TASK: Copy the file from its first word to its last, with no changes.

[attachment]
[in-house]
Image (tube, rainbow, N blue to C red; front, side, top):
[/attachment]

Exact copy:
[in-house]
Image (tube, rainbow, N blue to C red; front, side, top):